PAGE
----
American Boots on Ground in Somalia
Leon Panetta has been brought in to oversee significant cuts to the U.S. Defense budget. Meanwhile, we're in six wars.
Leon Panetta has been brought in to oversee significant cuts to the U.S. Defense budget. Meanwhile, we’re in six wars.
Atlantic Wire (“American Boots Hit the Ground in Somalia After Drone Attacks“):
Somalia is now the sixth country over which the United States is flying attack drones. Last month, the same Special Operations Command unit currently operating in Yemen carried out an attack on two leaders of the Somali militant group al-Shabab in a June 23 mission. The Washington Post reported the attack on Wednesday, and on Friday, Somalia’s defense minister says that American military forces touched down to collect the bodies of the insurgents. Al-Shabab has carried out attacks on the Somali government, and while the government is calling on more American drone missions, they say they were not aware of the first drone attack. “But we are not complaining about that. Absolutely not. We welcome it,” Defense Minister Mohamoud Haji Faqi told the Associated Press. “We understand the U.S.’s need to quickly act on its intelligence on the ground.”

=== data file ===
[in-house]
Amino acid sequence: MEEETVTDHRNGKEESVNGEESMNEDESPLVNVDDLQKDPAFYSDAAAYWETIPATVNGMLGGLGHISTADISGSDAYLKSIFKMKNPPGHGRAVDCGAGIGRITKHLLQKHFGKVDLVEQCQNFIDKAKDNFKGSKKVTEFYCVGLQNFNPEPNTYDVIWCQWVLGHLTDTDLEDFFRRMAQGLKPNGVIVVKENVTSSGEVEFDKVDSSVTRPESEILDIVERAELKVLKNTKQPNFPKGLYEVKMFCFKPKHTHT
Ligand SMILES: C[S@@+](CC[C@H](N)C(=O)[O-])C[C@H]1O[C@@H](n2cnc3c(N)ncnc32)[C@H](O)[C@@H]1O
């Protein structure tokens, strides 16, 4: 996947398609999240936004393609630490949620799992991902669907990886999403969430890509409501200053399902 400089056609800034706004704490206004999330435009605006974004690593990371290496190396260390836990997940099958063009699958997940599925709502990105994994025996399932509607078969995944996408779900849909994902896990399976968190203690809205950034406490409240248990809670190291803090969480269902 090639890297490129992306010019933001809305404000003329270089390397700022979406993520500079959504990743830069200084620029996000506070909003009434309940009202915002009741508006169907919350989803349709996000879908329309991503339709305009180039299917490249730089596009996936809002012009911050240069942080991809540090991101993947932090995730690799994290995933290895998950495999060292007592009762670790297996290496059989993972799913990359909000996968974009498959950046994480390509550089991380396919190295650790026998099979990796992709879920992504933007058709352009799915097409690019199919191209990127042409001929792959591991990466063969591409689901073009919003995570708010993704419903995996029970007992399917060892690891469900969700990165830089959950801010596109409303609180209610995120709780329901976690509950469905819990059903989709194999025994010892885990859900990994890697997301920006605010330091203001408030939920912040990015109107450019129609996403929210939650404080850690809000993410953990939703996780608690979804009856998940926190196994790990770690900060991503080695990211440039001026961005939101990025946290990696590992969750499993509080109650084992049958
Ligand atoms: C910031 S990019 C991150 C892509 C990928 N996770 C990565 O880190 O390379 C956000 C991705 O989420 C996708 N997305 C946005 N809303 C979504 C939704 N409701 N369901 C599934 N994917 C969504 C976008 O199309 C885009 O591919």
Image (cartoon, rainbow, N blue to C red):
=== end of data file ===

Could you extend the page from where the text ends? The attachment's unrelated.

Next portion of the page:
Obviously, the “boots on the ground” bit is somewhat cheeky; some drone attacks followed by an in-and-out recovery mission isn’t exactly Vietnam. Or, hell, Panama. But it’s shocking that we’re in half a dozen kinetic military operations and your average American would be doing well to name three. Something’s not quite democratic about that.
Additionally, as the piece goes on to note, there are some strategic, moral, and philosophical questions about this wide-ranging use of drones, including for missions only tangentially related to America’s national security interests. What’s the desired outcome? Are they doing more harm than good? With killing so divorced from risk, is war too easy?